It’s important to effectively use your time when creating entertainment in your LARP. Your time before game is limited and your time during the game even more so. This means that the larger the game to game master ratio, the more work each of you have to do and therefore the more people you need to entertain with each ounce of effort.
Are you doing something that could easily be done by someone else? For example, perhaps you need to set up a laboratory space and you have a cast of NPCs available who can do just that. Simple things can be done by players who arrive early such as putting drinks in the fridge.
Have you sunk ten hours of time into a mini-game that will entertain one player once? And you only have ten hours of prep-time? That *might* be okay in a 5 player campaign game where the other players will each get a specialised mini-game in upcoming sessions, but even then, you should at least put some time into entertaining elements for the other five.
Of course, I’m not saying that you can’t spend time devoted to programming a mini-game if it brings you joy, only that you will still be expected to spend sufficient time to ensure the rest of the game is good. If you can’t do both, then you’ll need to scrap your hobby project until there is time.
For this reason it’s worth avoiding personal plot for characters if you have over 25 players (this number may be lower if you have limited time or only one Game Master). Instead look at factional plots that are tied into the same clan, religion, family, etc.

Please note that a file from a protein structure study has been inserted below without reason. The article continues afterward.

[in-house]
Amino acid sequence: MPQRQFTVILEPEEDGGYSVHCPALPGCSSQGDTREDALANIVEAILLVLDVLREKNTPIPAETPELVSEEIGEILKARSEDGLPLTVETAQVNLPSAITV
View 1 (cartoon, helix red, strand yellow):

Even with small player numbers, it’s best to have personal plot affect other characters so that more people can get involved. This has the added benefit of making personal plot feel relevant to the game at large.
Encourage cast members to include multiple people and to avoid too much focused roleplay on each other. A single NPC entertaining seven players is good value. Seven NPCs entertaining one player isn’t unless you have an incredibly high NPC : PC ratio. Seven NPCs entertaining each other is wasted effort. They may need to interact with each other for a few minutes to lay the groundwork for upcoming scenes, inform each other of things, etc. but they should keep their focus on the PCs.
If you have a lot of pre-game time available to set up events you can create plot elements that can save you energy during run-time. This can include “downtimes” where players can choose actions between games that will affect the game as a whole. This could involve gathering information or assets or identifying needed skills that the players can then bring to the session to negotiate, inform or trouble others with during game time.
Other forms of pre-game effort include physical clues and handouts that put player’s in the position of explaining plot or exploring the game environment for more information. It’s a wise idea to have a reason for the same information or clue to be duplicated, where possible, so it’s not just one player who gets a collect-’em-all quest.
Even better are tasks that involve multiple players. Lockboxes might send characters in search of a locksmith, herbs dropped around the park lands are in need of finding, and jigsaw puzzles representing mechanical engineering need to be located and put together. Just make sure you have a game culture where folks share any information found, and don’t just pocket the missing piece, otherwise all your hard work will only help one person (if that). Of course, it’s a good idea to have a redundancy (back up puzzle pieces) on hand in case something just goes missing.